The White Falcon


The White Falcon - 12.03.1976, Blaðsíða 3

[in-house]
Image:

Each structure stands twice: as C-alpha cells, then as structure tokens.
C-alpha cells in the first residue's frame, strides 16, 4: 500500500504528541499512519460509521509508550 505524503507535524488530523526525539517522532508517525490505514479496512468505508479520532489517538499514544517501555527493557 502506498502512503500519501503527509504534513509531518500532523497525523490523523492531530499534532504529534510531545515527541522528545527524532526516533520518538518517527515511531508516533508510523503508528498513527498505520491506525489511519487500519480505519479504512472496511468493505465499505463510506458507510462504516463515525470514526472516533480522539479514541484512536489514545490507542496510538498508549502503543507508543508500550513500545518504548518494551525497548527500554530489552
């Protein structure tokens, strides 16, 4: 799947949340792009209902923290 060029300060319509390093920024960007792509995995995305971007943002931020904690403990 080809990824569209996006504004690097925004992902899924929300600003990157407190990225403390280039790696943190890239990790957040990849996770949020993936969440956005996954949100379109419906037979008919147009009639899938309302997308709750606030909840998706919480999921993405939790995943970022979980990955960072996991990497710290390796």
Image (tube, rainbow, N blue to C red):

The White Falcon - 12.03.1976, Blaðsíða 3